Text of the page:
Sunday, August 9, 2009

Bosom and Phallus in Paris

If there's one thing you can say about the French, they're no prudes. Sex may seem to infuse American culture, but walking around Paris makes the US seem like bible school.

First, there are the monuments, most of which use some huge phallic symbol to represent the, uh, stature of the thing being memorialized.

Place de la Vendome


Place de la Concorde


OK, it's kind of subtle--not exactly a wardrobe malfunction--but they've been doing this for a long time. And sometimes it's less subtle, one thinks.


Pont Alexandre III (notice the "batons" in the ladies' hands)


Then, there are the breasts. They're everywhere. I've experienced them in three contexts. (I am sure there are more contexts, but I haven't gone into those stores, which, by the way, go by the very francophone title "Sex Shop.")

The first context is the classic art. The number of breasts in the Louvre is surpassed only by the number of crucifixions. The breasts seemed to have been portrayed so prominently by these artists because, well, they're just really nice to look at.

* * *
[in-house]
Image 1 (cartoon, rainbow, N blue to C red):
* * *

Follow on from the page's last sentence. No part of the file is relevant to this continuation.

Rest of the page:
Venus de Milo


Gabrielle d'Estrees, lover of Henri IV, sharing a bath with her sister


The second context is the modern art. Here the breast is symbolic, representing power relationships, subjugation, liberation, etc. One is not really meant to enjoy the breasts, but rather to think something about them.

(Note: the hula hoop on the woman in the background is made of barbed wire.)

Finally, one sees lots of breasts in the mass media. Magazines have topless women on the covers, ads include them. We've not watched any TV, but I'm guessing they're on there, too.

Interestingly, these images seem to be there because, well, they're just really nice to look at. Plus ca change, plus c'est la meme chose (The more things change, the more they remain the same).

Of course, it doesn't hurt that they probably help sell a lot of products! Then again, it may have improved the marketability of classic art as well.

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